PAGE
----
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Tablets go back

Back-of-house uses for tablets are poised to grow.

Much of the public buzz around tablets refers to front-of-house applications, whether in the hands of a server taking orders or atop a table, loaded with games and self-ordering capabilities for guests. From an operator standpoint, though, the reach of tablets goes far beyond ordering and entertainment.

“There’s only so much productivity you can gain from FOH uses,” says Dave Matthews, executive vice president and general counsel at the National Restaurant Association. “There are actually more back-of-house uses that have an impact on productivity and profitability,” he says.

That includes a host of back-of-house applications, some proprietary, that aid unit-level efficiency and consistency.

San Diego-based Garden Fresh Restaurant Corp., for example, uses tablets to automate HAACP compliance at its 128 company-owned Souplantation and Sweet Tomatoes stores. Instead of committing data to paper ledgers at individual stores, tablet systems automate and store details such as freezer temperatures and bathroom-cleaning schedules; they can also send real-time alerts when an unexpected variance is detected.

Others are using tablets as managerial tools in place of back-office computers to organize calendars, emails and special events. The tablet serves as a sharable system that can communicate with peers, regional managers and the home office, making them an interactive decision-support tool.

Training systems on tablets also bring employees out of the back office. Sam Worobec, training manager, new brands/international at Chipotle Mexican Grill told members of the FSTec audience in New Orleans in September that the Denver-based chain recently launched a tablet-based training system in 50 stores. It replaces paper binders and digital e-learning components that suck up a lot of bandwidth and aren’t easy to keep current.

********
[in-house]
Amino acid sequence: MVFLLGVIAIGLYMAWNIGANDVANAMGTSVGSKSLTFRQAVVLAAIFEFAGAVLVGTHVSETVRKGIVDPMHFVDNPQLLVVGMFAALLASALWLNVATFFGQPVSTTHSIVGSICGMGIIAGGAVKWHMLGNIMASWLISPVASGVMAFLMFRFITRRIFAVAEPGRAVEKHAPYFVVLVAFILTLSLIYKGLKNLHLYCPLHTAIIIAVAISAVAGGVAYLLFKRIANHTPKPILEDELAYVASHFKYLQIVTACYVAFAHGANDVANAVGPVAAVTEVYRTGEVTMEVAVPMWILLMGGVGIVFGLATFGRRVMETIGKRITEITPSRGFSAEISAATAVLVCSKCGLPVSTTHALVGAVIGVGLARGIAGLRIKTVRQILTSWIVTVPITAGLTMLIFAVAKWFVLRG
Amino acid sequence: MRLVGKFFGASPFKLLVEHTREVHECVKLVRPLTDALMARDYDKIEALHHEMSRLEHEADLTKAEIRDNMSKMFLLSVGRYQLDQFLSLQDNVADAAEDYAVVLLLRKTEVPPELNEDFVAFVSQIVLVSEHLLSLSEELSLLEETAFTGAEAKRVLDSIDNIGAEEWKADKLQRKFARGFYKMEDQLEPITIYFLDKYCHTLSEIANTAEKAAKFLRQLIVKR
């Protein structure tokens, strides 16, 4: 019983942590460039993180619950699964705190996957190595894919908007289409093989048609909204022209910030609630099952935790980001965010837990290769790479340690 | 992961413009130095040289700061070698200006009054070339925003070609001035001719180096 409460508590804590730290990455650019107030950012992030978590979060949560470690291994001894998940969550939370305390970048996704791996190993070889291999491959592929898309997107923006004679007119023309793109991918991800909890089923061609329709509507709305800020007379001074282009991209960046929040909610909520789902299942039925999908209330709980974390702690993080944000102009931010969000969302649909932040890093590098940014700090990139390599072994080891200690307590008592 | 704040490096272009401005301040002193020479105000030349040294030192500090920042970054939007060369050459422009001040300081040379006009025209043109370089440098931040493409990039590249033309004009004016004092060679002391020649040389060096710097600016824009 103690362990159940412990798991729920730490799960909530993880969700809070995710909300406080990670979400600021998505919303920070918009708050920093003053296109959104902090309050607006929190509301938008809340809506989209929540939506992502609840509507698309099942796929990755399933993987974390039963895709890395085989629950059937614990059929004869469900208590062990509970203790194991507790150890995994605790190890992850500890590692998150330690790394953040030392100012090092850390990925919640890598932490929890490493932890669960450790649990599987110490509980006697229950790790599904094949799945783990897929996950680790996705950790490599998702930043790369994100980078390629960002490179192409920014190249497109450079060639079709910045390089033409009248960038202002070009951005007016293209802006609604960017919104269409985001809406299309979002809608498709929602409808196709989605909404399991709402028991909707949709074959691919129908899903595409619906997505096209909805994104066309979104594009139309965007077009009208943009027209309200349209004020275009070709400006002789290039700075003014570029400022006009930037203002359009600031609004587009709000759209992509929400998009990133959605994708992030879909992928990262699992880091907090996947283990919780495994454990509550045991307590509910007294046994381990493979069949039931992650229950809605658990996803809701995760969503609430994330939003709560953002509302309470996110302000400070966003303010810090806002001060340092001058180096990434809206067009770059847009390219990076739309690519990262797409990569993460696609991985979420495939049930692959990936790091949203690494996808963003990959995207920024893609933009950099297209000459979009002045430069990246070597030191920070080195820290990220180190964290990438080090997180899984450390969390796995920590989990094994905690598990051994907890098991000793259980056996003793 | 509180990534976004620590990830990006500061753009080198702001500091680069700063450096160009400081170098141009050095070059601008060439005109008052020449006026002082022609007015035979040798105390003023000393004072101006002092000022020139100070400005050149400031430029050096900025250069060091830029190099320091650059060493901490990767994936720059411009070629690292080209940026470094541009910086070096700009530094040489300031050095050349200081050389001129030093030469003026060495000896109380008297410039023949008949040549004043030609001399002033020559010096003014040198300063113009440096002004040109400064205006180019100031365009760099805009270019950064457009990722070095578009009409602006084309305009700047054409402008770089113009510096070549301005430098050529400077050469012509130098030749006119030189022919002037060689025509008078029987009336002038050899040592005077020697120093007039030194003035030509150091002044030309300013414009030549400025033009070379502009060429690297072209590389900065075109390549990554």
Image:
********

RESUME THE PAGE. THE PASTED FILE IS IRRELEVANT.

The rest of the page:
Chipotle declined our request for an interview to provide more details, but as Worobec told the crowd from the stage, the reaction has been positive thus far. Employees have individual logins, he explained, and training content is tailored to their specific positions and responsibilities. Users can navigate their own pages through search functions as well as annotate their materials on the device, and managers can send messages—to anyone from the facilities-maintenance staff to corporate—and share information with their team.

Moreover, tablets help the brand connect to its employees. “With restaurant companies, most users are 18 to 25. They’re used to seeing things on a smartphone, on a tablet, being mobile. Sitting them down at a computer just doesn’t make sense; they’re not used to that,” said Worobec. And handing them a binder? “It’s like handing them a vinyl record when they’ve got an iPod,” he said.

While Chipotle hasn’t ruled out individual smartphone systems, especially for field leaders who bounce between restaurants, it opted for tablets to continue its “shoulder-to-shoulder” training methods. “[It’s a] unified experience to set the standard, but you still have a person there with you, that human connection,” Worobec said.

For now, Chipotle’s tablets are only used for training, but there’s room for other apps in the future, Worobec said. And who knows, with the recent rollout of the revamped iPad that includes Apply Pay Touch ID fingerprint sensors, more functions may be possible soon. But for now, Chipotle is satisfied. “Operationally, it makes us more efficient. We’re not sitting in that office in the back side anymore,” said Worobec. “For the people culture, it’s really empowering the team. It’s giving them the tools and the access to the information.” 

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